1977. We’ve just been to see Star Wars at the Enfield ABC. Ahead of us, unknown, lie fights over collectible toys, tauntauns, ewoks, and referential homage in Gen X comedies. Even further lie monstrous sequels, and the sharpness of their disappointment will remind us how far this mythos has burrowed into our minds, but right now we’re ignorant even of where George Lucas has borrowed his hidden fortress from. Seated in the family Hillman Avenger, my mum turns on the engine. ‘I’ll have to remember I’m just driving a car,’ she says, ‘and not flying an X-wing fighter.’
1989. The Screen on Baker Street runs a midnight Friday screening of The Rocky Horror Picture Show, and I go with my girlfriend. Baker Street is alien territory to us Zone 4 types, the land of Madame Tussaud’s and Sherlock Holmes: a night bus home, and night buses are not that great in the 1980s. The screening involves an amateur performance troupe called the ‘Fabulous Underclothes’ who have learned by heart the call-and-response to the film that satirises the satire, seizes on the clunky moments in Richard O’Brien’s script. I loved it, and The Time Warp too, but that’s not something I’ll readily admit to now.
1993. Valentine’s night at the Duke of York’s in Brighton and I’m watching Tim Roth, Eric Stoltz and Bridget Fonda in Bodies, Rest and Motion with two single female friends. The Duke of York’s is my university arthouse education, the cinema that plays Hal Hartley double bills, its spot-colour fold-out posters as commonly found on student walls as Egon Schiele’s Artist’s Wife. It’s where we see what Heli calls ‘headfuck French movies’ when we don’t get them out on VHS from Video Box. But Bodies, Rest and Motion is a dreary indie tableau of needlessly emotionally tortured twenty-somethings, and I’m almost as annoyed at having wasted the evening watching it as I am at being alone on Valentine’s night.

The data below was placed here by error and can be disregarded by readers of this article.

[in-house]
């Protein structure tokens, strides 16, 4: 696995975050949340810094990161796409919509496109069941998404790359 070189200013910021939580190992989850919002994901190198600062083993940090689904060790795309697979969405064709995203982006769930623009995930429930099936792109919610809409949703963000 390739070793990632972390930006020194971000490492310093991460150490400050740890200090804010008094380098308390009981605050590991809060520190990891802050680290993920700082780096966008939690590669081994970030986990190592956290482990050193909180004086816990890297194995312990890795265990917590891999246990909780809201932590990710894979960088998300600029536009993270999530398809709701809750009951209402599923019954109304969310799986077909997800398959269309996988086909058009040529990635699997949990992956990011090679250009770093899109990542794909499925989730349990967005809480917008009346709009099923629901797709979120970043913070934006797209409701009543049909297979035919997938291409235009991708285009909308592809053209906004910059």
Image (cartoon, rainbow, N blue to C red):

2001. ‘All you need to make a film is a girl and a gun’. The NFT runs a Godard season, and I see as many of the films as I can, nearly twenty: the macho sci-fi detectivery of Alphaville, the political thrills of Le Petit Soldat, the simulcast translation of Un film com les autres. The pantomime war of Les carabiniers remains my favourite, and I still can’t see why anyone likes Pierrot le feu. A weekend devoted to the revolutionary work of the Dziga Vertov Group culminates in a panel discussion with Tariq Ali, Colin MacCabe and Laura Mulvey. I ask a naïve question about cinema trying to change the world. ‘We weren’t making agitprop,’ replies Mulvey, ‘we were addressing the contradiction in cinema itself.’ Through two months I pack my head and a small notebook with reminders, connections, observations and thoughts. It’s a notebook I’ve rarely opened since.
2005. Watching The Ipcress File in NFT3. At one point in Harry Palmer’s adventure of deception and torture he is put in a small box and subjected to a sequence of intensely flashing lights and bizarre sound. It occurs to me that I’ve paid good money to see quite similar films in this very cinema. Somehow, the most abstract moving image pushes buttons that paintings leave unpressed. The avant-garde cinema weekend in the London Film Festival has become an anchor around which revolve screenings in pubs and art galleries around the capital, Lux’s ‘Visionary Landscapes’ at Cecil Sharp House, shorts programmes at the ICA and salon screenings in Shacklewell. Trying to learn all over again what cinema is.